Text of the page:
Kamikaze attack on USS Missouri, humanity in the midst of war

By Marisa Griffin.

Japanese kamikaze pilot

A man sits alone with his thoughts in his one-man, bomb-carrying aircraft on April 11, 1945. He has said goodbye to his family and friends through farewell letters and poems and he has left behind the life he once lived. He sits wedged between 550-pound bombs and prepares to take off, knowing he will never land safely again.  Motivated by obligation and loyalty, he is about to give his life for his country. He is a Japanese kamikaze pilot whose mission is to fly his aircraft to his death into the USS Missouri during the battle of Okinawa in World War II.

The tell-all tour

On Sept. 22, 2010 Pearl Harbor volunteer and USS Missouri expert Rich Costick led University of Hawaii’s journalism students on a special VIP tour of the Iowa-class battleship, the USS Missouri. As he tells the stories of the ship’s memorable past, we walk the deck, thinking back to what it must have been like on board.

He tells us of the historical moment that Japan’s surrender to the Allied Forces document was signed on board the Mighty Mo on Sept. 2, 1945, ending WWII. We even learn how they loaded the 67-foot, 116-ton guns that could fire a 2,700-pound shell 23 miles in 50 seconds.

A story to remember

One story, in particular, that caught my attention was that of the Tokkotai (an abbreviation for “Special Attack Unit”) pilots, also known to Americans as “Kamikaze.” I read the information boards on the deck of the ship and stood in awe looking at the pictures of the Japanese A6M “Zero” aircraft dive-bombing into the side of the USS Missouri. The famous picture was taken by the ship’s baker, Seamen Len Schmidt.

The incident occurred 10 days into the battle of Okinawa. The pilot, believed to be 19-year-old Setsuo Ishino, took off with 15 other pilots from their base at Kanoya. At noon, the USS Missouri is northeast of Okinawa and air defense is sounded as the “Zeke” is spotted on radar 7,500 yards out. The Zeke loses altitude rapidly as Mighty Mo’s anti-aircraft fire hits. Miraculously, the pilot regains altitude and speeds through the gunfire, managing to strike the side of Mighty Mo. Fire erupts and debris is sent flying on deck. After the attack, the crew clears the deck of the aircraft’s remains and discovers the pilot’s body among the wreckage.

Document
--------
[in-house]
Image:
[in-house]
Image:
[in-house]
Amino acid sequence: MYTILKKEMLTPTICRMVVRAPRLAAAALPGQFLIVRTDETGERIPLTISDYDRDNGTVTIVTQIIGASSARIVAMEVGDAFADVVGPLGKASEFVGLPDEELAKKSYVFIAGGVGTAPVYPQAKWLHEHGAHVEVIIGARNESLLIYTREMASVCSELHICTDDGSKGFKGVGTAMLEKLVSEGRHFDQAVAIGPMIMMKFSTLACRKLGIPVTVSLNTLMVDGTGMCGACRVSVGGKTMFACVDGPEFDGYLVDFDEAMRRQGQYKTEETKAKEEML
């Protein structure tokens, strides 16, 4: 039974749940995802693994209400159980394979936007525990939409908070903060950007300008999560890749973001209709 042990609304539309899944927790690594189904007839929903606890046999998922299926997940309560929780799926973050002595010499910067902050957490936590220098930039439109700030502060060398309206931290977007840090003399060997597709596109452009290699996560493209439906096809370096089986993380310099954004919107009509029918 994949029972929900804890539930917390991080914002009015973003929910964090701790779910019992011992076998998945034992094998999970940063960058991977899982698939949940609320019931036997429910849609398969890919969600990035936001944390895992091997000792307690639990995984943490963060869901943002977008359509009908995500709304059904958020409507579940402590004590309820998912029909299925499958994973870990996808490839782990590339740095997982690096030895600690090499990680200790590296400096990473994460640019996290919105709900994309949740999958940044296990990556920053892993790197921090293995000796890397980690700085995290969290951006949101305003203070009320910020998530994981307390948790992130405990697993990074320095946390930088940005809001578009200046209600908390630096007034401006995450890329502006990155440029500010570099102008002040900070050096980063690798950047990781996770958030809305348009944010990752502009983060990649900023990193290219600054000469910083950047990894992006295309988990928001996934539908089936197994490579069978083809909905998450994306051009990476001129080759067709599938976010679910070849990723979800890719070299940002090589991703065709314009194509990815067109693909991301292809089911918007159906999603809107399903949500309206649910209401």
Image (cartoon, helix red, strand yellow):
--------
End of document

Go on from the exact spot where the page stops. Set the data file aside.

As Mighty Mo’s seamen were about to wash the enemy body overboard, Captain William M. Callaghan, Missouri’s commanding officer, orders the ship’s medical team to prepare the body for a burial at sea.

The body was draped with a Japanese flag sewn by Missouri crew and carried on deck. The crew gathered and offered a hand salute as the Marine rifles aim their weapons skyward to render a salute over the pilot’s remains. Senior Chaplain, Commander Roland Faulk, concludes the ceremony by saying, “We command his body to the deep,” and his body is dropped into the ocean.

Humanity, equality, honor

This ceremony holds an important significance in our history because of the respect and honor given to the enemy by the Americans amidst a raging war. Costick explains Captain Callaghan’s admirable dignity and honor. Costick tells us that he “looked at it as..this man is serving in his military the same as any of us are, he’s just doing his job. And he’s performed with honor and paid the ultimate price. He deserves to be treated like a warrior. The fact that the ceremony was held and that this man was treated this way showed a lot of compassion on the part of Callaghan.”

I try to imagine what it must have been like for 19-year-old Ishino’s family at the time. To find out their son received the respect and honor from the American enemy must have been life-changing news for them. He was treated as if he was an American soldier, dying for his country.

Kamikaze attack on USS Missouri: The last bit of information I read before moving on with our tour was, “On April 11, 2001, family members of three Japanese pilots as well as the family of former commanding officer Captain William M Callaghan gathered aboard Missouri to honor the courage and compassion in recognizing our common humanity …even in the midst of war.” This inspiring story restores our faith in humanity and the pure goodness that exists in some people’s hearts.